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Wool + synthetic = ultimate layering?

Friday, December 10th, 2010

There’s a lot of debate in the cycling world about whether wool or synthetics are better. Personally, like most things in my life, I take a hybrid approach. I recently┬ádeveloped a new layering technique that I thought I’d share: wear a long-sleeved synthetic baselayer with a short-sleeved wool jersey over it (and then a jacket over that). Try it, it’s amazing.

Here’s the back story: I have a couple of long-sleeved wool baselayers, which I use in cool to cold temperatures. I’m a big fan of these, but I started to realize that if I dressed warmly enough to keep my torso warm, my arms would overheat. I started looking around for a midweight sleeveless baselayer. What I discovered is, nearly all of the appropriate sleeveless garments are very thin, and intended to be worn in hot weather, not intended to keep you warm. I guess they figure that if you don’t want sleeves, you’re trying to keep cool. Not quite true in my case.

I also have some short- and long-sleeved synthetic baselayers/jerseys. I tried a few combinations of these with the wool baselayers. I still had the same problem.

Then, I remembered that I had purchased a short-sleeved wool cycling jersey this summer at a deep discount. I had read that wool is cool in the summer, and wanted to find out if that was true. For me, this claim turned out not to be true at all. I was miserable in warm weather in the short-sleeved wool jersey. And it didn’t block wind well enough in cool weather to be used alone. So, I put it on a shelf and didn’t think about it for a few months.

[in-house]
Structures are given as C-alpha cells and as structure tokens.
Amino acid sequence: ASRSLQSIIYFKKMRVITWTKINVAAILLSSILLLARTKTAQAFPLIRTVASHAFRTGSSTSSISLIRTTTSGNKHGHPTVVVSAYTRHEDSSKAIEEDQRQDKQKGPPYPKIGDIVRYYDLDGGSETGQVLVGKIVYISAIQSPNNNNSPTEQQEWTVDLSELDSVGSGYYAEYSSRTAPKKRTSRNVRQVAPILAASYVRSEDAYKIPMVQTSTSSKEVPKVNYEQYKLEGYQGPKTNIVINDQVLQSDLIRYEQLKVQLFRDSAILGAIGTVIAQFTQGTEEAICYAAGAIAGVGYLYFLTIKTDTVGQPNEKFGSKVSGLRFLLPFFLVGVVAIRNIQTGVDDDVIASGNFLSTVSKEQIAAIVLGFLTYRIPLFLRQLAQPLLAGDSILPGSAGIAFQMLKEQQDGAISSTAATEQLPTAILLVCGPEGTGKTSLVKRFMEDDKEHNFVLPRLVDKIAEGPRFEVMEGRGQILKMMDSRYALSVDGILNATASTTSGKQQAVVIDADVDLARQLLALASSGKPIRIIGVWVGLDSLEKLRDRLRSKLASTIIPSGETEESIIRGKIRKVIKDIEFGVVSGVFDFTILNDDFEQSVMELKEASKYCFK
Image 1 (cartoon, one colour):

When I remembered I had that jersey, I tried wearing it over a long-sleeved synthetic baselayer. For me, this combination is absolutely perfect! The synthetic baselayer wicks the sweat away from my skin, and keeps my arms warm enough. The wool jersey keeps my core warm. Of course, you can add and remove layers as necessary. I wear all of this under a wind shell. You could try variations using a vest, depending on conditions.

I hope this helps someone out there. This tip seems obvious in hindsight, but it took a lot of trial and error to arrive at this technique. Do you have any layering tips to share?

The secret to winter bicycle commuting

Tuesday, February 2nd, 2010

I have discovered the coveted secret of winter bicycle commuting. I have discovered two pieces of gear, which, used properly, keep me comfortable from about 30 degrees Fahrenheit, all the way down to 0 degrees. I almost didn’t even write about this, considering the uber secret nature of this information. But no one is talking about these incredible pieces of technology, so I have decided to share my discovery with my readers. You won’t find this information anywhere else.

So, what are these two items, which together form the holy grail of comfortable winter bicycle commuting? Brace yourself, and I’ll tell you: a windbreaker and a sweater. Yes, really.

For some time, I experimented with different layering schemes. Eventually I found this windbreaker + sweater combination, but I didn’t realize exactly what I’d stumbled on. I wore this combination for some commutes in the 20s. Then it got colder, in the teens. I thought “surely, I need to add another sweater.” I wore an extra one, and I was too hot. Once temperatures reached down into the single-digits, I again thought I needed two sweaters. Still too hot!